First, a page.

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ACR Website to Support Primary Care Practitioners

  • ACR

The American College of Rheumatology recently launched Rheumatology for Primary Care, a new resource for primary care physicians (PCP) and advanced practice providers (APP) offering them expanded support and guidance to identify rheumatic diseases in their patients. As the healthcare professionals who often are the first to encounter patients experiencing symptoms consistent with autoimmune conditions like rheumatoid arthritis, gout, and lupus, the ACR hopes to supplement the decreasing rheumatology workforce with the support of PCPs and APPs.

Rheumatology for Primary Care is the latest initiative from the College that provides primary care professionals with tools for patient medical workups, early treatments, medications, referrals to a rheumatology specialist, and more. It is a quick reference tool for PCPs to use when caring for patients before or between their visits to a rheumatologist. The resource includes information about:

  • Symptoms of rheumatic conditions such as fever, rashes, or joint pain and associated medical workups for each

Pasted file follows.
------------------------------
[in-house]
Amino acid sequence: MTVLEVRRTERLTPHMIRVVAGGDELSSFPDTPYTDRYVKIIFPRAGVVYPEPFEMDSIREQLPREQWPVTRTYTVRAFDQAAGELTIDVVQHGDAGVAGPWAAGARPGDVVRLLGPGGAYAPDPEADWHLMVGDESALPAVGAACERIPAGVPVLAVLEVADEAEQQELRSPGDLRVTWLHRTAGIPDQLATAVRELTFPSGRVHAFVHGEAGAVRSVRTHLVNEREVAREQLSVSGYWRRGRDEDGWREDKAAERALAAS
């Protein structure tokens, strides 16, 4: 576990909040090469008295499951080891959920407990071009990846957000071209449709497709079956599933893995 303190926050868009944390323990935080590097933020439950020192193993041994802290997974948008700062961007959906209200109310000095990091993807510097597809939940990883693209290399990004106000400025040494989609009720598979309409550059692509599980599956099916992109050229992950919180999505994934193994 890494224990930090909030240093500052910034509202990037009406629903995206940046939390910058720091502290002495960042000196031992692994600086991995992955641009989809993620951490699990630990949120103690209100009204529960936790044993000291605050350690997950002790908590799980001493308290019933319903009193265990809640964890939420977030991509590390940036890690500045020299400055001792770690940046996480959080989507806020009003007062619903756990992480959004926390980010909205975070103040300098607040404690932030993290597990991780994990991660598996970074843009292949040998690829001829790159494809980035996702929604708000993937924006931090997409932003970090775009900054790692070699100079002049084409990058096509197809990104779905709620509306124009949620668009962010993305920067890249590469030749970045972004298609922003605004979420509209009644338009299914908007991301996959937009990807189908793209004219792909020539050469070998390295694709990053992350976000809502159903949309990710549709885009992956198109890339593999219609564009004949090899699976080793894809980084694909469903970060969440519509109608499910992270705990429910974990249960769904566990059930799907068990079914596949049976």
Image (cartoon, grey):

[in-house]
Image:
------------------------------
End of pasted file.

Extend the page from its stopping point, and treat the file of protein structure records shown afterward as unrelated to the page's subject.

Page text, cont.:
• The various disease types with images and descriptions
  • Case studies
  • Labs to consider and when to order them
  • Common rheumatology medications and treatment considerations

“By creating this resource for our primary care colleagues, we can help reinforce rheumatology skills amid a pending workforce shortage and most importantly, meet patients' needs,” said Beth Jonas, MD, member of the ACR Workforce Solutions Committee and past chair of the ACR’s Committee on Training. "We want rheumatologists to have the support they need at a time when physician availability and patient access can be challenging."

It is expected that 67M American adults and more than 300K children will have a doctor-diagnosed rheumatic condition over the next several years.

“Many patients with rheumatic symptoms spend months, even years, waiting for an appropriate diagnosis for treatment. The more knowledgeable a primary care physician or APP is regarding appropriate referrals for rheumatic diseases, the faster patients can receive proper diagnosis and better care. Creating this tool was a prudent decision by the ACR and is a sensible next step in working collaboratively with our primary care colleagues,” Jonas concluded.

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The author has no conflicts of interest to disclose related to this subject